Early Predictors of Fluid Sequestration in Acute Pancreatitis: A Validation Study

Amitasha Sinha, Noé Q. Vázquez, Mahya Faghih, Elham Afghani, Atif Zaheer, Mouen A. Khashab, Anne Marie Lennon, Enriqué De-Madaria, Vikesh K. Singh

Research output: Contribution to journalArticlepeer-review


Objectives The primary aim of this retrospective study was to externally validate predictors of increased fluid sequestration at 48 hours (FS48) in acute pancreatitis (AP). Methods Patients admitted between January 10 and February 13 with a diagnosis of AP were evaluated. The FS48 was calculated as difference between total fluid input and output in the first 48 hours. Predictors of FS48, such as young age, alcoholic etiology, hemoconcentration, hyperglycemia, and systemic inflammatory response syndrome (SIRS), and outcomes in AP, such as increased length of stay, acute fluid collection(s), necrosis, and persistent organ failure (POF), were defined in accordance with the previous study. Linear regression analysis was performed to evaluate the association between predictors and outcome. Results Two hundred twenty-seven AP patients (mean age, 48 years; 54% men) with a median FS48 of 4.2 L were evaluated. Age younger than 40 years, alcoholic etiology, hemoconcentration, and SIRS independently predicted increased FS48 (P < 0.05). Increased FS48 was associated with persistent SIRS and POF (P < 0.01). There was a significant trend between number of predictors and FS48 (P < 0.001). The presence of 4 predictors or more was associated with higher rates of persistent SIRS and POF (P < 0.01). Conclusions Our study validated 4 of 5 predictors of increased FS48 from the previous study. Presence of 4 predictors or more and increased FS48 are both associated with persistent SIRS and POF.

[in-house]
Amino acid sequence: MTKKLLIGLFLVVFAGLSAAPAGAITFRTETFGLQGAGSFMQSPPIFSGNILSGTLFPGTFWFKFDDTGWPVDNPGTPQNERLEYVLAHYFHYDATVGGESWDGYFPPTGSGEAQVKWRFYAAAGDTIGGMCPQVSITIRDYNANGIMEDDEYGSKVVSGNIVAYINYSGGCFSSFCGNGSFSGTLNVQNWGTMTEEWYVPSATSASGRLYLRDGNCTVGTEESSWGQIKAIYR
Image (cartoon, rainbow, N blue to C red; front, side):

Original languageEnglish (US)
Pages (from-to)306-310
Number of pages5
Issue number2
StatePublished - Feb 1 2016


  • acute pancreatitis
  • fluid sequestration
  • persistent organ failure
  • systemic inflammatory response syndrome

ASJC Scopus subject areas

  • Internal Medicine
  • Endocrinology, Diabetes and Metabolism
  • Hepatology
  • Endocrinology


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